UN delays report linking Rwanda with `genocide`
The UN has delayed the release of a report that could link Rwanda with genocide in Congo, amid threats from Kigali that it would withdraw from peacekeeping operations in Sudan if the controversial document was published.
United Nations: The UN has delayed the
release of a crucial report that could link Rwanda with
genocide in Congo, amid threats from Kigali that it would
withdraw from peacekeeping operations in Sudan if the
controversial document was published.
The landmark UN report, which was expected to be
released this week, will now be released on October 1.
"Following requests, we have decided to give concerned
states a further month to comment on the draft," said Navi
Pillay, the top human rights official at the U.N.
"And I have offered to publish any such comments
alongside the report itself on October 1, if they so wish,"
Last week, a draft report leaked to the media found
that the Rwandan troops committed widespread atrocities in the
Democratic Republic of Congo in the mid-nineties, which could
be viewed as genocide.
The report finds that the Tutsi ethnic group-led
troops from Rwanda and their rebel allies engaged in
widespread killing of the Hutus ethnic group in DRC.
During the 1994 genocide in Rwanda, Hutus were
responsible for the death of an estimated 800,000 Tutsis.
"The systematic and widespread attacks described in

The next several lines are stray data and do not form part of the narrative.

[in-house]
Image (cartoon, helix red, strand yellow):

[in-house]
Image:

this report, which targeted very large numbers of Rwandan Hutu
refugees and members of the Hutu civilian population,
resulting in their death, reveal a number of damning elements
that, if they were proven before a competent court, could be
classified as crimes of genocide," the draft report said.
It said several of the massacres listed were committed
regardless of the age or gender of the victims.
The investigation also catalogues human rights abuses
between 1993 and 2003 when DRC became the battleground for two
regional wars involving multiple armies. It documents 600
incidents from all over the country in which tens of thousands
of people were killed.
Reacting strongly against the implications of genocide
in the report, the government of Rwanda has condemned it as a
’dangerous and irresponsible’ document, which would
destabilise the region, and described the DRC Mapping Exercise
as "malicious, offensive and ridiculous."
"It is immoral and unacceptable that the United
Nations, an organisation that failed outright to prevent
genocide in Rwanda and the subsequent refugees crisis is the
direct cause for so much suffering in Congo and Rwanda, now
accuses the army that stopped the genocide of committing
atrocities in the Democratic Republic of Congo," said Ben
Rutsinga, a government spokesperson.
Describing the report as "unprecedented," Pillay said
that purpose of the `DRC Mapping Exercise` is to "to formulate
a series of options aimed at assisting the Government of the
DRC in identifying appropriate transitional justice mechanisms
to deal with the legacy of these violations, in terms of
truth, justice, reparation and reform."